Today Apple revealed the refresh to the MacBook Pro line and also released OS X Lion to developers. It also took the FaceTime app for Macs out of beta and put the final version on the Mac App Store for $0.99. Apparently, people are in an uproar that Apple has the audacity to charge a dollar for the app. I’m not talking about the regular consumers who were QQing about the charge the instant it was announced, I’m pointing the finger to media journalists and bloggers. It is you, Sam Biddle, Nathan Olivarez-Giles, Seth Weintraub, Jay Yarow, and Rachel King to name a few, that are aggressively or passive-aggressively bashing the 99 cent pricetag on the app as it was some preposterous price-gouging wallet-draining scheme by Apple to prevent its users from getting an app that should be free by your self-proclaimed God-given right. And in doing so you are encouraging the ridiculously greedy and jaded behavior of people who think that 99 cents for an app is too expensive.
First off, Apple has every right to charge 99 cents for the FaceTime app, so fuck you if you don’t like it. I shall provide no further commentary on the matter, even though your bitching forced Apple to explain itself as to why it chose to charge for its own internally developed product that cost money to make.
The so called “psychological barrier” which Sam Biddle uses to justify the anger towards the up-charge is bullshit, not to mention completely illogical. It was artificially created by app makers and by journalists and bloggers who pushed for 99 cents to be the price ceiling for an app. That is, it’s the maximum that anyone should charge for any app on an App Store, and any more should be reason enough to deviate from your purchase. So the consumer public, Sam, Rachel, Seth, and the rest are freaking out because Apple has the audacity to not only put a price tag on the FaceTime app, but to max it out at the socially acceptable 99 cents. What they should be doing is educating their followers on how 99 cents ain’t that bad. In fact, it is common sense.
FaceTime didn’t magically appear out of thin air. Apple engineers worked on developing and perfecting the App. Countless hours of coding, product testing, marketing studies, and staff meetings were involved in the creation of this app. Rest assured that everyone involved doesn’t live in some Star Trek 24th century utopia where money is eradicated and people just work in order to better themselves and humanity as a whole. Charging 99 cents for the App should be enough to break even on the cost of development and distribution after about ten or twenty thousand purchases, something that won’t be hard to achieve in Apple’s case. But most people don’t see that. They justify that FaceTime should be free because it not only is something that all Apple users should have, it is something whose costs are already offset by all the other areas that Apple makes money from. Which brings me to my next point.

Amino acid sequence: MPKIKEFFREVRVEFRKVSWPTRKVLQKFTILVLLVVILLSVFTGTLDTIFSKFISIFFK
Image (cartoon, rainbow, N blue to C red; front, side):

Your opportunity costs have been so skewed that for some bizarre reason you are OK with spending a few hundred dollars extra for a product’s brand premium but absolutely draw the line when you are asked to spend 99 cents more for that product in order to get some new functionality that was not natively in the product when you go it. Please explain to me why you will purchase a 13 inch MacBook Pro for $1,200 when you can get a Windows or Linux based laptop of equal performance and specs for a cool three to four hundred dollars cheaper, but you refuse to cough up one extra dollar for an app on that same overpriced laptop? Furthermore, FaceTime is an add-on. It brings entirely new functionality to your device. There is a huge difference between purchasing a product and being charged to use an application that comes already built into the device and purchasing a product and being charged for an external application that upgrades your product to give it new functionality that was not present there before.
“But it’s not like it’s doing anything new, my Mac already has a webcam built in!” many may argue. My MacBok Pro also came with a graphics card capable of video editing and hardcore gaming. Does that mean that I should be getting Final Cut Pro for free or the Mac Steam store should be gratis because my computer can support the products they offer? Consumers are suffering a huge disconnect in their personal definitions of opportunity costs. Instead of taking the time to educate people and to try to re-program them to see things in a logical manner, we are joining the masses of cheap freeloading morons in their idiotic crusade to justify their own illogical arguments. Now, continue with your bitching about the one-time 99 cent FaceTime app fee and go spend that same 99 cents on a Snickers bar that will clearly give you more pleasure and productivity over time than the FaceTime app on the computer which you had no second thoughts about dropping a few extra Benjamins for a brand premium on.